To date, the primary question regarding digital media and technology in education has been, “What tools and technologies do we employ to facilitate and/or enhance learning in our hyper-connected, wiki world?”

I believe this is the wrong question. Or at least it’s not the primary question we should be asking.

Rather, we should be asking, “What kinds of people do we seek to build as we prepare them to enter, occupy, navigate and succeed in this world?” Once we answer that question (and we should have that answer momentarily…), we should be asking, “How do we go about building them within the context of this new culture?”

Among the things we address when we’re building the next generation of functional adults, is literacy. It remains paramount in education and nobody will argue that basic literacy, in its myriad forms and complexities, is unimportant in a digital world. After all, much of what we encounter on-line comes in the form of text-based communication. Print is not dead, it just lives in a new house.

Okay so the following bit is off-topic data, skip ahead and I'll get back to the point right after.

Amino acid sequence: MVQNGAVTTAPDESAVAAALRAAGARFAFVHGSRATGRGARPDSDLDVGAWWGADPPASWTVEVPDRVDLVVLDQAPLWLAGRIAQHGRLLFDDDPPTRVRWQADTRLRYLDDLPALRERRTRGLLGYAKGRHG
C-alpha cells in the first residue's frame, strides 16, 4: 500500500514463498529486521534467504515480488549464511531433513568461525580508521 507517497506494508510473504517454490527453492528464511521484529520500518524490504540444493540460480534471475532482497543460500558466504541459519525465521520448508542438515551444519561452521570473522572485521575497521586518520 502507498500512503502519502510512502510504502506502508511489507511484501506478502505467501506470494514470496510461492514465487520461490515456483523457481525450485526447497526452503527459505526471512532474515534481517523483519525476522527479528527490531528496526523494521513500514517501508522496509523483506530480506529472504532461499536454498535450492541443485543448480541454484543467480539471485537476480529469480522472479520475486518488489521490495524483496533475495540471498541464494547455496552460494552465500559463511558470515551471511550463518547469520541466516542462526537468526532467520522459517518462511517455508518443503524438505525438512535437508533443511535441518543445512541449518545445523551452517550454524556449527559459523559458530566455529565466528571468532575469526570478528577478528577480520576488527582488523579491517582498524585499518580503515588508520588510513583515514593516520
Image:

That said, there is now so much more for our kids to process and master than print, and it comes at them in so many more media, that we are forced to consider traditional literacy as necessary but not sufficient for success (let alone survival) in a digital world. As some have argued for many decades, and I would argue also, we need to embrace and institutionalize, through formal curricular channels, a broader vision of literacy. This would include what many are calling digital literacy. And this involves more than a modicum of digital wisdom.

In pursuit of digital wisdom, we have to ask some critical “culture” questions which, I propose, have to do with larger issues of contemporary epistemology. What are the characteristics of the culture of education? What are the characteristics of the culture of technology? How do the characteristics of each culture map to each other? If we drew a Venn diagram of these cultures, what characteristics would fall into the overlapping sections? What, in each culture, is worth keeping and what is worth losing or getting rid of?

The exploration of these questions, among others, is foundational to the purpose of this project because the answers may just help us figure out how to harness the runaway horse that is digital technology.

Primum non taedium.